Sometimes you need some craziness to liven up a racing game, and Crazy Taxi took that message to heart. Although it’s not a traditional racing game, in that you have an open city in which to drive maniacally rather than a race track, the checkpoint action derives from picking up passengers and makes it a frenetic and absurd experience. Collect fares, drive them as stupidly as possible to their destination, and repeat, all while listening to that classic Offspring music.

Everyone has heard of Mario Kart by now, I’m sure. Mario and Bowser and friends all race around the Mushroom Kingdom on karts, throwing turtle shells at each other, breathing fire and competing for cups. It makes perfect sense if you take a lot of drugs, I’m sure. Namco collaborated with Nintendo to produce an arcade version in 2005, managing to slip Pac-Man in as a playable character, and perfectly captured the idiocy and joy of the home console versions.

As a stand-alone experience, Crazy Taxi is a fantastic game for a few minutes at a time, sucking up 50p coins as you try to set a new high score. As a truly crazy experience, however, not much can beat Mario Kart, which takes a photo of you before you start playing and adds a disguise to transform you into Mario or one of the other characters. It also features multiplayer, which wouldn’t have made much sense in Crazy Taxi, but then nothing in this section makes an awful lot of sense anyway.

Winner: Mario Kart Arcade GP may have been almost cheating, building on an established franchise, but it made for a great arcade machine with some fun additions to the established standards. It out-crazies Crazy Taxi, so it has to win.

The Classics:

Out Run (1986) vs. Pole Position (1982)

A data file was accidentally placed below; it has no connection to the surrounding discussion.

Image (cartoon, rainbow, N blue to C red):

I’m sorry, okay? I had to put Out Run in here; it’s Sega’s most famous racing game. I won’t mention the music, I promise. Regardless, you can’t deny Out Run’s importance to the racing game genre: it made racing cool, gave you a choice of routes as you played, making it replayable and addictive, and [comment about music redacted for the sake of preserving the sanity of my readers]. If you’ve never played Out Run, I’d argue that you haven’t really lived, but you certainly haven’t experienced one of the best driving games of all time.


In 1982, Namco offered Bally Midway the choice of U.S. distribution rights between two games. They chose Mappy, a platform game about cats and mice. That left Atari with Pole Position, which went on to be the most popular and highest-grossing arcade machine of 1983, established many of the conventions of driving games, and has been frequently called one of the most important video games of all time. Good work, Bally Midway. Pole Position had scaling sprites and perspective, a track based on a real circuit, and a qualifying lap before going on to the main race, all of which were incredible innovations at the time.


I don’t know how to choose between these two games. While Out Run has aged better and is still fun to play today, it wasn’t a trailblazer like Pole Position, and it’s arguable that the former wouldn’t exist without the latter. Pole Position was a supremely important game that changed driving games completely, but so was Out Run, albeit in a different way. It didn’t set many trends of gameplay, but it had a unique style to it.

Winner: I’m not even going to try and choose. Both games were of absolute importance to the genre and gaming as a whole, and both belong in any arcade, even now. Without either of these games we wouldn’t have the driving games we do today. Obviously my personal preference is for Out Run, but I can’t deny the impact that Pole Position had. Nor can Bally Midway.


This man built a real car out of an Out Run arcade machine. I guess we know which game he prefers.

So, it seems we have a tie. Sega scored two outright wins, Namco also scored two, and we had a tie on the final game. Maybe this entire exercise was pointless and there’s no way to choose between the two companies.

Maybe not, however. To resolve the impasse, I need your opinions: the games you loved, the company you preferred, the ones I missed that were so obvious that you’re screaming at the screen, and the bits I got glaringly wrong because clearly Sega Rally is better than Ridge Racer (or whatever else you think I got wrong). So, let me know! You can get in touch with me through the comments below, via Facebook, Twitter, Google +, or email

Written By: Dave Morgan